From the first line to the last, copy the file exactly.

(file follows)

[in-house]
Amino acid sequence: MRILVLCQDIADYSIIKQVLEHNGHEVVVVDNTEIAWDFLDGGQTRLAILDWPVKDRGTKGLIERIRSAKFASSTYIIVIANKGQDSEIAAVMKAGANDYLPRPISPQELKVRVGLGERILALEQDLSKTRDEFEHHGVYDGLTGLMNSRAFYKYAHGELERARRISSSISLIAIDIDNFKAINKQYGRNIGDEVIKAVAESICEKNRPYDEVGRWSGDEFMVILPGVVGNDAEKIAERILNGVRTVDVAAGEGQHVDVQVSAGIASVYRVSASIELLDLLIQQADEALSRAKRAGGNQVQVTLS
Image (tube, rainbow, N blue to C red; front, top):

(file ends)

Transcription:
[in-house]
Amino acid sequence: MRILVLCQDIADYSIIKQVLEHNGHEVVVVDNTEIAWDFLDGGQTRLAILDWPVKDRGTKGLIERIRSAKFASSTYIIVIANKGQDSEIAAVMKAGANDYLPRPISPQELKVRVGLGERILALEQDLSKTRDEFEHHGVYDGLTGLMNSRAFYKYAHGELERARRISSSISLIAIDIDNFKAINKQYGRNIGDEVIKAVAESICEKNRPYDEVGRWSGDEFMVILPGVVGNDAEKIAERILNGVRTVDVAAGEGQHVDVQVSAGIASVYRVSASIELLDLLIQQADEALSRAKRAGGNQVQVTLS
Image (tube, rainbow, N blue to C red; front, top):